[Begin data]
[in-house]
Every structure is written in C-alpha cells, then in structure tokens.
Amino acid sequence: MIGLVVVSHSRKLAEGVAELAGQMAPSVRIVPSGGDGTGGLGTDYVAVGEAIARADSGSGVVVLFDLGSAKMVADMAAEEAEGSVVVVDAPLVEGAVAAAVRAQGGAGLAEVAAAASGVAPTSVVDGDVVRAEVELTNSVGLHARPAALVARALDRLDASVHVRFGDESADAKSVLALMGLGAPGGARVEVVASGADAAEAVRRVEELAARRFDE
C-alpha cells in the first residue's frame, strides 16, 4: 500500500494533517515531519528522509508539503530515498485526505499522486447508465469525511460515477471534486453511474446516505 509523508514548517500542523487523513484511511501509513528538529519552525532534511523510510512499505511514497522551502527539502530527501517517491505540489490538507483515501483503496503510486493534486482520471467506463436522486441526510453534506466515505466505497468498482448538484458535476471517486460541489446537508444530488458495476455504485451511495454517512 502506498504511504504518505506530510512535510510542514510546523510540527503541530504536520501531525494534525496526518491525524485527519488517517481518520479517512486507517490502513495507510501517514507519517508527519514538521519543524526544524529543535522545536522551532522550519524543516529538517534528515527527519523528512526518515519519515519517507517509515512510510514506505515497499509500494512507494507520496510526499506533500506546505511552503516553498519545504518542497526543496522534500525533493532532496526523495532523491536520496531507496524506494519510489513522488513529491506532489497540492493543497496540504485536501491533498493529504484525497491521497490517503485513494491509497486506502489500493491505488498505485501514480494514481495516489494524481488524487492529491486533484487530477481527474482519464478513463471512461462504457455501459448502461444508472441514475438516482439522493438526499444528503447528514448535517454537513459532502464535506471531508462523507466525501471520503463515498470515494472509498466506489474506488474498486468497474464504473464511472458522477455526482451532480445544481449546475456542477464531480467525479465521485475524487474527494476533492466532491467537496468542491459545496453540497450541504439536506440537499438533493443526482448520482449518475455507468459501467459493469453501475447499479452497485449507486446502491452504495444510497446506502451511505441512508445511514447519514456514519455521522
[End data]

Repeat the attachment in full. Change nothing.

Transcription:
[in-house]
Every structure is written in C-alpha cells, then in structure tokens.
Amino acid sequence: MIGLVVVSHSRKLAEGVAELAGQMAPSVRIVPSGGDGTGGLGTDYVAVGEAIARADSGSGVVVLFDLGSAKMVADMAAEEAEGSVVVVDAPLVEGAVAAAVRAQGGAGLAEVAAAASGVAPTSVVDGDVVRAEVELTNSVGLHARPAALVARALDRLDASVHVRFGDESADAKSVLALMGLGAPGGARVEVVASGADAAEAVRRVEELAARRFDE
C-alpha cells in the first residue's frame, strides 16, 4: 500500500494533517515531519528522509508539503530515498485526505499522486447508465469525511460515477471534486453511474446516505 509523508514548517500542523487523513484511511501509513528538529519552525532534511523510510512499505511514497522551502527539502530527501517517491505540489490538507483515501483503496503510486493534486482520471467506463436522486441526510453534506466515505466505497468498482448538484458535476471517486460541489446537508444530488458495476455504485451511495454517512 502506498504511504504518505506530510512535510510542514510546523510540527503541530504536520501531525494534525496526518491525524485527519488517517481518520479517512486507517490502513495507510501517514507519517508527519514538521519543524526544524529543535522545536522551532522550519524543516529538517534528515527527519523528512526518515519519515519517507517509515512510510514506505515497499509500494512507494507520496510526499506533500506546505511552503516553498519545504518542497526543496522534500525533493532532496526523495532523491536520496531507496524506494519510489513522488513529491506532489497540492493543497496540504485536501491533498493529504484525497491521497490517503485513494491509497486506502489500493491505488498505485501514480494514481495516489494524481488524487492529491486533484487530477481527474482519464478513463471512461462504457455501459448502461444508472441514475438516482439522493438526499444528503447528514448535517454537513459532502464535506471531508462523507466525501471520503463515498470515494472509498466506489474506488474498486468497474464504473464511472458522477455526482451532480445544481449546475456542477464531480467525479465521485475524487474527494476533492466532491467537496468542491459545496453540497450541504439536506440537499438533493443526482448520482449518475455507468459501467459493469453501475447499479452497485449507486446502491452504495444510497446506502451511505441512508445511514447519514456514519455521522